Uncertainty and firm dividend policy—A natural experiment
Bonnie G. Buchanan,
Cathy Xuying Cao,
Eva Liljeblom () and
Journal of Corporate Finance, 2017, vol. 42, issue C, 179-197
We examine how firms respond to uncertainty around U.S. tax policy changes, namely the individual level tax rate increases set to take effect on January 1, 2011 and January 1, 2013. We provide evidence that firms time the uncertainty in the tax environment and revise their dividend policy to an expected tax increase. We find that firms are likely to initiate their dividends or intensively increase their existing dividend amount one year before the expected tax increase. In addition, in 2012 when there is much less uncertainty on dividend tax changes than in 2010, firms are less likely to initiate a regular dividend but are more likely to initiate special dividends. The results suggest that firms facing less tax uncertainty are less likely to make long-term commitments on regular dividend payments but are more likely to take advantage of the last-minute low tax benefits by issuing special dividends. Furthermore, the response to the possible elimination of a tax cut was strongest in firms with high levels of tax-affected ownership, supporting the argument that when facing policy uncertainty, firms behave to prepare for the worst scenarios from the viewpoint of the shareholders, which in this case is a tax increase.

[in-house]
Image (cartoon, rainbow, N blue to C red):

Keywords: Dividend taxes; Uncertainty; Payout policy; Dividend initiation (search for similar items in EconPapers)
JEL-codes: G35 G32 G38 H32 (search for similar items in EconPapers)
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Working Paper: Uncertainty and firm dividend policy – a natural experiment (2016)
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Persistent link: https://EconPapers.repec.org/RePEc:eee:corfin:v:42:y:2017:i:c:p:179-197
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